Where to stay in Copenhagen

A 1960s hotel created by 'the godfather of Danish design' and creator of the Egg chair, versus a stylish shoestring hotel in a great central location.

Radisson Blu Royal

This hotel was designed in the 1960s by the godfather of Danish design and creator of the Egg chair, Arne Jacobsen. A refurbishment in 2000 means that many bedrooms now have a more contemporary feel, but for a true Jacobsen experience stay in room 606, which contains all the original decor.

Jacobsen designed everything from the light fittings to the chairs in the original hotel, but later refurbishments mean only some of his features remain. However, the marble lobby is "still furnished with Jacobsen's Egg and Swan chairs, as are the bedrooms", says Francesca Syz in The Daily Telegraph. The top-floor Alberto K restaurant contains "unadulterated tributes to his Danish Modern' vision", says Tam Leach in The Independent.

The hotel's restaurant is regularly voted one of Copenhagen's best, says James Ellis in The Times. Dishes include langoustine with smoked marrow, or lamb with wild mushrooms. The seven-course tasting menu costs £93.

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Rates start from £150 for a standard double. For more information, visit www.radissonblu.com/royalhotel-copenhagen, or call 00 45 33 42 60 00.

Wakeup Hotel


Budget hotels in Copenhagen are few and far between, but if you want style on a shoestring, check in to the Wakeup Hotel. It enjoys a great location in central Copenhagen and the rooms are small but perfectly formed. This is an excellent option for anyone looking for a comfortable hotel room on the cheap. Do be warned that all the rooms are identically furnished: you can pay more for a Sky or Heaven room, but you will still be in a small room, just one that's higher up in the hotel so that you have a slightly better view.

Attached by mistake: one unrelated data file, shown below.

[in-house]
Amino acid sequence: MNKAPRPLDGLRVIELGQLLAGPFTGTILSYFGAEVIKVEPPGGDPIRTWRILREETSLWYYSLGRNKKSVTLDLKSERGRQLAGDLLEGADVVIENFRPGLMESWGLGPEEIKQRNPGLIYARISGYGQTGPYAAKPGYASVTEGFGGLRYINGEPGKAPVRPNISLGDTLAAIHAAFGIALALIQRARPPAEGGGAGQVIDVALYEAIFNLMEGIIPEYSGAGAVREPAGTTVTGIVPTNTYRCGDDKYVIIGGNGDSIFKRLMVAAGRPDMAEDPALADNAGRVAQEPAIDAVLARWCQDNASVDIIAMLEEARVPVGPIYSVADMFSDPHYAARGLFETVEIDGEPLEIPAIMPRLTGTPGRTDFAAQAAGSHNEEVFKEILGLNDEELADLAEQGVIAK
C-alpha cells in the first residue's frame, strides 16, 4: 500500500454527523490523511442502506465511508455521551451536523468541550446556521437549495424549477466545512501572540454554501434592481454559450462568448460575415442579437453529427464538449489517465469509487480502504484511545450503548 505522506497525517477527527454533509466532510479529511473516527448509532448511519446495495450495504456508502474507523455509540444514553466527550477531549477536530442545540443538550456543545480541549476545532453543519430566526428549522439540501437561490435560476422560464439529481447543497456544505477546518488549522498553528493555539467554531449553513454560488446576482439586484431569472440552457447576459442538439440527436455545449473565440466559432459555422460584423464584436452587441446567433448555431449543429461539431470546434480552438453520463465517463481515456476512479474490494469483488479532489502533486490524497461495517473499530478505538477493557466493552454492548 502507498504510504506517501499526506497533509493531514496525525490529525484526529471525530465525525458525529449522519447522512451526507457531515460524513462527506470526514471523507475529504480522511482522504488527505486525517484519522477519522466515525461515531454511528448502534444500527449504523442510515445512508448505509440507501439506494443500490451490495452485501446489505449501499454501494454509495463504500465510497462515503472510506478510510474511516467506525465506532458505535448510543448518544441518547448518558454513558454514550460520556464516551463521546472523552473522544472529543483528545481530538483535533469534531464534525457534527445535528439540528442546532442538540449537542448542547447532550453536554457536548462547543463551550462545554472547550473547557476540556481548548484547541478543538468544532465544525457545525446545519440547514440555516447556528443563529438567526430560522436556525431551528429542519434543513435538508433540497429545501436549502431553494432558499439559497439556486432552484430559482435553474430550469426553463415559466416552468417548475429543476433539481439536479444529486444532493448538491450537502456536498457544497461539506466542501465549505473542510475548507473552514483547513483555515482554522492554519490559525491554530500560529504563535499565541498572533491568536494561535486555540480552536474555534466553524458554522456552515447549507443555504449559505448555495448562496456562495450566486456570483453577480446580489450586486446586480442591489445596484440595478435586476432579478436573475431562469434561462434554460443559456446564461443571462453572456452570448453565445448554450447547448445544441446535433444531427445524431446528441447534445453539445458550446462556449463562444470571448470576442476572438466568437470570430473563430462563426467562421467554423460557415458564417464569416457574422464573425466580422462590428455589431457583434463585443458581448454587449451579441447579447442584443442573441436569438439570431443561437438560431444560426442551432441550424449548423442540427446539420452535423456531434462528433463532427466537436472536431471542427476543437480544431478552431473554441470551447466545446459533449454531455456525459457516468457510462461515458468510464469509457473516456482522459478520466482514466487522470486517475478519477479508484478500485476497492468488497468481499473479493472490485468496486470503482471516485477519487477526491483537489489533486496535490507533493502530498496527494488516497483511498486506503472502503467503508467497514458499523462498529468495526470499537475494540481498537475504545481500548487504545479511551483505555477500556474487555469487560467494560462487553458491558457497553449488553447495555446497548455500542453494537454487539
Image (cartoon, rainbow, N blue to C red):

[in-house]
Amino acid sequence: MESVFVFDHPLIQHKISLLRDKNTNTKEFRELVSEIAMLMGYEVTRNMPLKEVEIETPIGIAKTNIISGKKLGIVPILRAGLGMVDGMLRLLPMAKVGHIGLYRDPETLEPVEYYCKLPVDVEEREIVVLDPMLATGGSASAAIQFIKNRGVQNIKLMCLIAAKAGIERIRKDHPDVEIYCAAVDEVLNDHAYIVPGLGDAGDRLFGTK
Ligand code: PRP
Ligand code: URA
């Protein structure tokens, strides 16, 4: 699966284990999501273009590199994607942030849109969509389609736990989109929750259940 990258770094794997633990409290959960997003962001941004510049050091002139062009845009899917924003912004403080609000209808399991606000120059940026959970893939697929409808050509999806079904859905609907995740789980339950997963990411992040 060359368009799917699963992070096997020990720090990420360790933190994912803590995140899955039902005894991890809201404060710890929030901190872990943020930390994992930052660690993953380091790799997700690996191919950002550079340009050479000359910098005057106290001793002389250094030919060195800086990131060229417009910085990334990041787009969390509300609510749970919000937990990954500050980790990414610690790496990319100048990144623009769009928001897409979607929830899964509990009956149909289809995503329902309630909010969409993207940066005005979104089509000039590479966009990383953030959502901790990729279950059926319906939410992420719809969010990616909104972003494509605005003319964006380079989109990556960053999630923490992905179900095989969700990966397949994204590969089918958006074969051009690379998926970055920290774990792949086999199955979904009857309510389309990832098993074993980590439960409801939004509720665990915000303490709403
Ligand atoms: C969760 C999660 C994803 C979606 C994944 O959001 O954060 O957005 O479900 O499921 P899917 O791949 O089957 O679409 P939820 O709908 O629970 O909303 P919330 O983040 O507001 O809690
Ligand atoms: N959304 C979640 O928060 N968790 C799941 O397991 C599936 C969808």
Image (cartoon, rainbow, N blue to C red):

"In a city that can test the deepest pockets, the Wakeup is a welcome option," says James Ellis in The Times. "Basic yet stylish, it is what a hotel created by Ikea might look like." There are space-saving ideas, such as shower cubicles that also act as hanging rails. "It is similar to London's Hoxton Hotel, and the reception sells everything from toothbrushes to cans of Carlsberg."

The hotel only serves breakfast. So take the money you saved on your accommodation and dine at Noma, which last year was named the best restaurant in the world by Restaurant Magazine.

A double room costs from £60. Find out more at www.wakeupcopenhagen.com, or call 00 45 4480 0000.

What the travel writers are saying

If you want to stay in a London pub, which should you choose? Here are The Independent's top four.

The Grazing Goat in Marylebone takes its name from the first Lady Portman, "who was allergic to cow's milk and so kept goats on the land on which the pub now stands". It's a "sleek gastopub" decorated in muted blues and greys with oak panelling and mounted deer heads. The eight bedrooms have wi-fi and flat-screen TVs. Double rooms start from £175, room only.

Gordon Ramsay's "foray into the hotel business" has resulted in this restored coaching inn overlooking Regent's Park. The ten Regency-styled bedrooms sit above a restaurant, bar and deli. Doubles from £186, room only (Gordonramsay.com/yorkandalbanyhotel).

The Alma in Wandsworth "has been a favoured local for years", but has recently added to its appeal with 23 "stylish" bedrooms. "Lavishly decorated with vivid Osborne & Little wallpapers and free-standing baths, the rooms also share the use of a walled garden." Prices start at £119 for a double room, including breakfast.

The Orange in Pimlico is a mid-19th-century pub that has been recently restored. It has an "elegant Victorian interior", with the designers going for a "shabby chateau" look in the four en-suite bedrooms with "rattan headboards and dusky hues". A double room costs from £185, room only.